Including a dispute resolution procedure in your contract is a sensible precaution. For example, this might require you to take the following steps before legal proceedings can commence:
- Give the other party written notice setting out the nature of the dispute
- Hold discussions with the other party (directly or through representatives) within five days of receiving written notice
- Refer the dispute to an independent third party (for mediation, arbitration or expert determination).
This process allows the parties to try to resolve a dispute quickly and cheaply in a manner that ensures that the parties can continue to do business with each other.
To reduce the cost of resolving a dispute, ensure the contract requires that each party pay its own costs in the dispute resolution process. Timeframes and deadlines should be included in a dispute resolution clause to avoid it dragging on.
There are several ways you can resolve a dispute.
Negotiation: In many cases, it is best to try to resolve a dispute by negotiation rather than involving outside parties, or resorting to the courts.
Alternative Dispute Resolution:
You could ask the other party to agree to seek help to resolve the dispute - for example, through conciliation, mediation or arbitration. These are all forms of alternative dispute resolution, or ADR. ADR involves an impartial third person who assists the parties with resolving the issue for themselves. In conciliation and mediation, the third person is there to help you communicate and negotiate an outcome (not come to a decision about who is right or wrong). In arbitration, the third party can come to a decision to resolve the dispute. It is best to set out in the contract what person or organisation will act as a mediator or arbitrator if there is a dispute. This avoids a dispute over who will mediate a dispute!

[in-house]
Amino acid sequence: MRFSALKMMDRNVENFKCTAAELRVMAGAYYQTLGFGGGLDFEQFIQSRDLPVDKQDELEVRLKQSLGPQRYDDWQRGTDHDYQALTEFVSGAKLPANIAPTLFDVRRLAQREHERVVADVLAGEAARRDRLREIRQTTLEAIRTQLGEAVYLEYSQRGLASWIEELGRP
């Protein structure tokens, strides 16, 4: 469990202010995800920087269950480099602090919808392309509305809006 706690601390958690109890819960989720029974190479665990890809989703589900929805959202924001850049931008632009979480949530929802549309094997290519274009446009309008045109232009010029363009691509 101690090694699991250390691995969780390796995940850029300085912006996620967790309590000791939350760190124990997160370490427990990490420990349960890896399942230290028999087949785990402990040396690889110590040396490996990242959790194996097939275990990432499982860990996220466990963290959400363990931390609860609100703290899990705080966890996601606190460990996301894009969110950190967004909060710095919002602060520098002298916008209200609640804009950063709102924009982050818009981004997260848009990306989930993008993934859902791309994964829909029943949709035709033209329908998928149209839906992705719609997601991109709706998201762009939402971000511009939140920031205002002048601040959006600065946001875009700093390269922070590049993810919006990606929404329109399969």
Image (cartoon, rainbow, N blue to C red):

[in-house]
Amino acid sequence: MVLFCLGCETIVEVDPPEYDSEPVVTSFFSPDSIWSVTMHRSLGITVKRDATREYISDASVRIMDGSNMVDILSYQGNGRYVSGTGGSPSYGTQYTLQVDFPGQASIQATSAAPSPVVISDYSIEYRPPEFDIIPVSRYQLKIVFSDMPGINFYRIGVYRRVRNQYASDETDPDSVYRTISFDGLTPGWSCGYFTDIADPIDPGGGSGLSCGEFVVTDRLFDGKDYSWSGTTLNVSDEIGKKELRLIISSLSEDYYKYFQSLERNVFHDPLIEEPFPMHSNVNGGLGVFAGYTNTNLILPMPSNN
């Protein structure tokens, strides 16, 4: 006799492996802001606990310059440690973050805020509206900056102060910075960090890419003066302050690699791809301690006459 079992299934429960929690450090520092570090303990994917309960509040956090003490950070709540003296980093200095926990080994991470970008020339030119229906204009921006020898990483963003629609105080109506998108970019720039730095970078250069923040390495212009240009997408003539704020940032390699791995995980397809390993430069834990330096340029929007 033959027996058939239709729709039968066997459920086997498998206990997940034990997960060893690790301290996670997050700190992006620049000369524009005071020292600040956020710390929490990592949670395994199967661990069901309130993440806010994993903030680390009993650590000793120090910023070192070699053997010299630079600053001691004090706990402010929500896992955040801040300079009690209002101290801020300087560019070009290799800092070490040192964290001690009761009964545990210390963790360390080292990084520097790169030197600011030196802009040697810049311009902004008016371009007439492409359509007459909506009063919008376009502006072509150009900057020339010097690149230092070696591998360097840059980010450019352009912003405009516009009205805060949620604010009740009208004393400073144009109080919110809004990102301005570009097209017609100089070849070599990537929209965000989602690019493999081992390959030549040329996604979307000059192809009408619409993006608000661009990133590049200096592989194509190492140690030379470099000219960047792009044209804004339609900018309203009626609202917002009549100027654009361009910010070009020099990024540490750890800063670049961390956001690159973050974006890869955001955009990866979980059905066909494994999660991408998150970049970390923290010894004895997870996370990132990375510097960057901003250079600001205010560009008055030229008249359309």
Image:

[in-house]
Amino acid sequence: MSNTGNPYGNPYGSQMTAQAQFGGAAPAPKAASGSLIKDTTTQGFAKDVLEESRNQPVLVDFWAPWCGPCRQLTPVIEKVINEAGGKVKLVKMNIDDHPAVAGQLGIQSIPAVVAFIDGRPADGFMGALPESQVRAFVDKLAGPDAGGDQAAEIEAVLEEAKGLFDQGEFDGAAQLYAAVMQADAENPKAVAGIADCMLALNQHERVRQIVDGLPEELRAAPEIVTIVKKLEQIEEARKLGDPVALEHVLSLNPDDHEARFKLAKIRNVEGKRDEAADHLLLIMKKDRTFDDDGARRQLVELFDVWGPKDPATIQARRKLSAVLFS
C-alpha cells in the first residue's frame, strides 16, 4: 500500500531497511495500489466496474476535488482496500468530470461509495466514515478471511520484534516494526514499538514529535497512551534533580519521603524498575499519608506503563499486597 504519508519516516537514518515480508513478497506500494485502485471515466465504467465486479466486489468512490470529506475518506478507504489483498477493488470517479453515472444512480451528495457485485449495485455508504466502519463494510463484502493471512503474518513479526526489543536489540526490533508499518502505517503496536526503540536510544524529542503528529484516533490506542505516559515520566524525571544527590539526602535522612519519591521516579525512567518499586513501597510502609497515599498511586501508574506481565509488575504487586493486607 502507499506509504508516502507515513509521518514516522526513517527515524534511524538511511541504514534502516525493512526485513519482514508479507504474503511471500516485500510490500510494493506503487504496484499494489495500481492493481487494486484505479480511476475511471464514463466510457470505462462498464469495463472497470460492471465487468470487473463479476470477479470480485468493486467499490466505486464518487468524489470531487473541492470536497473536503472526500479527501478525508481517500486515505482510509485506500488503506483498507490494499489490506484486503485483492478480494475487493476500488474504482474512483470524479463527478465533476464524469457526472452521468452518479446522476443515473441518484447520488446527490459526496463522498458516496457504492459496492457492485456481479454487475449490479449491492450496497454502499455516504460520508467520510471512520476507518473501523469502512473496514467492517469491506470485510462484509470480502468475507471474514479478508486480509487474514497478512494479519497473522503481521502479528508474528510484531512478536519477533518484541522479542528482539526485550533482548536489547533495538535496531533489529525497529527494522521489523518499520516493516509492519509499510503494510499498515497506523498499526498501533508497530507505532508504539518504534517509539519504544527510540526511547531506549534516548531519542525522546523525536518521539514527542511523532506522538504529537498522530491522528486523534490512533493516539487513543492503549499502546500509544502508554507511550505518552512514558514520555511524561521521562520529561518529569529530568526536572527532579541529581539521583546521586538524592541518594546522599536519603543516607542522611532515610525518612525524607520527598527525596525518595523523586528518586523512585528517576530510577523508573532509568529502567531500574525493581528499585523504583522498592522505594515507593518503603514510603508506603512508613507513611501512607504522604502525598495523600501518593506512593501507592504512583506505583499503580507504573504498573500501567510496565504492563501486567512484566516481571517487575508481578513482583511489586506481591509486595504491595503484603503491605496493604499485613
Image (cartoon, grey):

Taking the matter to court: The court process can be time consuming and costly and in most situations should be the last resort. But if you feel that the other party is not doing what they are supposed to under the contract and they are not prepared to negotiate or participate in ADR, you could go to court to seek damages or specific performance for breach of contract.
Example: Elaine has a contract with Remus Ltd under which she is required to distribute their products each week to their clients. In return Remus Ltd is required to pay Elaine $600 a week. Elaine is upset because Remus Ltd is two months behind on payment.
As a first step Elaine talks to the Human Resources Manager of Remus Ltd about the payment. He tells Elaine that she will get her payment ‘when we are good and ready’.
Elaine is upset by this and considers taking the matter to court. Luckily she first looks at her contract to see what it says about disputes. It says that she must first discuss the issue with the Finance Manager and then if the issue is not resolved it will be dealt with by an independent third party.
Elaine talks to the Finance Manager, who says he is not happy with some aspects of Elaine’s work. They are unable to reach agreement. The contract states that the second stage of resolving the dispute is to attend alternative dispute resolution. Both Elaine and the Finance Manager agree to mediation with an independent mediator as the next step to resolve their dispute.